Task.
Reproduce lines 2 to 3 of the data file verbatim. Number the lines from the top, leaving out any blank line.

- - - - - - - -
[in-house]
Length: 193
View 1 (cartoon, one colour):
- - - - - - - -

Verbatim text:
Length: 193
View 1 (cartoon, one colour):